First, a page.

The weather has been lovely this weekend. Jeff and I traveled to Toronto for his birthday treat and then walked our flower beds to visit the crocus blooms.
Sunday, March 20, 2011
Friday, March 4, 2011
The pitter-patter of tiny raindrop feet heralds spring’s rebirth. It has not formally arrived, and surely won’t for another month or two, but the warmer temperatures stir my soul and my thoughts turn towards my dormant and hoary front garden.
My home, christened Pembroke Cottage the day I moved in, is surrounded by untended beds and rotted leaves; it looks terrible. There isn’t anything charming about the property although the house and back building still stand proud.
Pembroke Cottage isn’t a “cottage” by modern definition, although it sits on Pembroke Lane. It is Dutch colonial with craftsman propensities. Perfectly square and sporting a gambrel hat, the “cottage” was most likely a catalog home, arriving in a railway boxcar and hauled into the heart of pastureland and woods.
In a physical sense, the property falls into descriptions from the Middle Ages: the word cottage (MLat cotagium ) denoted not just a dwelling, but included at least a dwelling (domus ) and a barn (grangia ), as well as, usually, a fenced yard or piece of land enclosed by a gate (portum ).
The house stood on its own with only a few neighbors surrounding it. We were the hidden homes beyond Lover’s Lane, standing sentinel amidst the locust and buckeye trees that dominated the landscape (❀). Today the trees are gone and the home is kept company by mid-to-late-century dwellings in the sprawling Country Club area (the original clubhouse built at the same time as our home). We still do not have gutters or curbs. Our lane can accommodate only one vehicle at a time.
Our green tea-coloured siding is offset by a deep burgundy front door and window shutters, white porch fixtures and the intense green hues of our front garden. Normally so. Last season was dismal. I hadn’t much time to tend to the beds. The grass, haphazardly sown by the previous owner, is a hodgepodge of grass shoots, yellow woodsorrel, and roundleaf mallow. I’m dreading what spring begets this year.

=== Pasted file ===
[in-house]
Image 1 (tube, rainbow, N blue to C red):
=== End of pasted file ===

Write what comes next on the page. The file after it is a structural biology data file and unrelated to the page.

I’ve turned to trusty sources for inspiration. I’ve ordered fresh catalogs and reviewed old photographs of my gardens’ previous displays. This will be the year to gut everything that does not work, divide or transplant things that no longer fit properly, and recapture the dense cottage ambiance.
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“Pembroke” and “Cottage” are a fairly popular combination. Michael & Wanda Fairless of Guthrie, OK, offer a guest house aptly named Pembroke Cottage (it also sits on Pembroke Lane). The Guthries and I are not particularly clever with our home’s names but our hearts are in the right place.
❀ Locust trees (Gleditsia triacanthos and Robinia pseudoacacia) and Buckeye trees (Aesculus glabra) can still be found throughout our area. They border our highways and fill our valleys.
Cyndi’s Catalog of Garden Catalogs is an excellent source of information for new gardeners.
Tuesday, March 1, 2011
Heavy winter snows and deafening thunderstorms have tentatively conceded to clear skies. Tepid daylight filters through my windows. The air, laden with the scent of damp earth, remains crisp but tolerable upon the skin.
Buds are visible on the pale branches of my crabapple trees, and the red maple seems to bask in anticipation of spring’s approach. Song birds alight on branches and bramble; it is close to migratory season for warblers and soon our yards will momentarily play host to their vibrant blue, yellow and red plumages. Chipmunks emerged from their dens today, blinking and rubbing paws over their short shouts and empty cheeks.